0537. LINA GARAVAGLIA: Don Pasquale – So anch’io la virtu magica. Edison 2-minute B 58, in Orig. Box. Only form of issue. M-A, gleaming copy has damaged box top. MB 25

0538. GAUTIER: La Favorite – Un ange, une femme inconnue. Pathé 3½” Concert-Size 0077, in Orig. Box. Only form of issue. Gautier débuted at L’Opéra-Comique in GÉRALD, 10 Jan., 1901. Acceptable copy has serious mildew, positively audible. MB 15

0539. GAUTIER: La Juive – Rachel, quand du Seigneur. Pathé 3½” Concert-Size 0144, in Orig. Box. Only form of issue. Gautier débuted at L’Opéra-Comique in GÉRALD, 10 Jan., 1901. Acceptable copy has serious mildew, positively audible. MB 15

0540. CHARLES GILIBERT: Véronique – Strophes de la lettre (Messager). Edison 2-minute 17736, in Orig. Box. Only form of issue. M-A, a gleaming copy. This issue number is missing in G & B. MB 45

0541. DINH GILLY: Carmen – Chanson du Toréador. Edison 2-minute 17286, in Orig. Box. Only form of issue. M-A, a gleaming copy. MB 45

“One source places [Gilly’s] début as early as 1899 (Paris Opéra, a priest in SIGURD) while others cite 1902 (Paris Opéra, Silvio in PAGLIACCI). We do know that he sang at the Teatro Colón, as well as in Spain, Germany, and Monaco prior to his Metropolitan Opera début in the 1909–1910 season. There he sang Sonora in the world première of LA FANCIULLA DEL WEST (10 December, 1910). Between 1908 and 1928 he made approximately 40 disc recordings for Beka, Odeon, HMV, and Victor. He recorded three Edison cylinders, which were published.”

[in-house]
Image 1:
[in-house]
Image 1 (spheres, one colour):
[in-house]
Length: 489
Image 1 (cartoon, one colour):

- Ward Marston, Program Notes to THE EDISON LEGACY


0542. GLUCK: La Favorite - Ange du Paradis. Edison 2-minute 17339, in Orig. Box. Most acceptable copy has minor mildew spots. Only form of issue. Exceedingly elusive example of this tenor who débuted at l’Opéra-Comique, 22 May, 1891. MB 20

0543. OTTO GORITZ: Ich grolle nicht (Schumann). Edison 2-minute B 51, in Orig. Box. Most acceptable copy has minor mildew spots. Only form of issue. Exceedingly elusive, 1 of Goritz’s 5 cylinders! MB 25

0544. OTTO GORITZ: Die Nachtlager in Grenada - Ein Schütz bin ich (Kreutzer). Edison 4-minute Blue Amberol 28262. Only form of issue. Exceedingly elusive, 1 of Goritz’s 5 cylinders! M-A, a gleaming copy. MB 35

“Goritz began his career as an actor and made his début as an opera singer in 1895. His first houses were Bremen and Hamburg where he stayed until 1903. He guested at the Vienna Hofoper in 1903 which led to a contract with the Metropolitan Opera. Goritz was hired to sing the more lyrical heldenbaritone roles at the MET where his roles included that of the creation of the Spielmann in Englebert Humperdinck’s KÖNIGSKINDER and Baron Ochs in the American Premiere of DER ROSENKAVALIER. Goritz sang at the MET until 1917, when he was deported from the Country as an enemy alien. He resumed singing in Hamburg after the War through 1921 and then the Berlin Volksoper from 1922-1925.”


0545. CHARLES HACKETT: Matinata (Leoncavallo). Edison 4-minute Blue Amberol 1636. Only form of issue, altogether missing in G & B. 1 of Hackett’s 4 cylinders. Exceptional copy has occasional very minor rubs. MB 15

0546. CHARLES HACKETT: Maritana – Let me like a soldier fall (Wallace). Edison 4-minute Blue Amberol 1724. M-A, a gleaming copy. Only form of issue. MB 15

0547. CHARLES HACKETT & THOMAS CHALMERS: Marta – Solo profugo. Edison 4-minute Blue Amberol 28155. Only form of issue. M-A, a gleaming copy. MB 15

0548. ORVILLE HARROLD: Mary (Richardson). Edison 4-minute Blue Amberol 28129. M-A, a gleaming copy. Only form of issue. MB 25